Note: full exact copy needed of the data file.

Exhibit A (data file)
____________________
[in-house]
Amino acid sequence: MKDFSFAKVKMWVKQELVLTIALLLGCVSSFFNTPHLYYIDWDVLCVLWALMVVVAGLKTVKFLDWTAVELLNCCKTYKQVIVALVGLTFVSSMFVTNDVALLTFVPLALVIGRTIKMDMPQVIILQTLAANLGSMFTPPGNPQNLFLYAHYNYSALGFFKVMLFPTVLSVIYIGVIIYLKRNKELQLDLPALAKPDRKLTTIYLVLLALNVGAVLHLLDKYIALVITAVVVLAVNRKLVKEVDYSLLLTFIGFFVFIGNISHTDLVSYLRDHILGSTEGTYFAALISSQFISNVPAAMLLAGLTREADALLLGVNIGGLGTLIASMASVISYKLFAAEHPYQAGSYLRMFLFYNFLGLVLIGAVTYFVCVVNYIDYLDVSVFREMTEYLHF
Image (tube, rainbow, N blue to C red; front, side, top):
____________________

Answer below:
[in-house]
Amino acid sequence: MKDFSFAKVKMWVKQELVLTIALLLGCVSSFFNTPHLYYIDWDVLCVLWALMVVVAGLKTVKFLDWTAVELLNCCKTYKQVIVALVGLTFVSSMFVTNDVALLTFVPLALVIGRTIKMDMPQVIILQTLAANLGSMFTPPGNPQNLFLYAHYNYSALGFFKVMLFPTVLSVIYIGVIIYLKRNKELQLDLPALAKPDRKLTTIYLVLLALNVGAVLHLLDKYIALVITAVVVLAVNRKLVKEVDYSLLLTFIGFFVFIGNISHTDLVSYLRDHILGSTEGTYFAALISSQFISNVPAAMLLAGLTREADALLLGVNIGGLGTLIASMASVISYKLFAAEHPYQAGSYLRMFLFYNFLGLVLIGAVTYFVCVVNYIDYLDVSVFREMTEYLHF
Image (tube, rainbow, N blue to C red; front, side, top):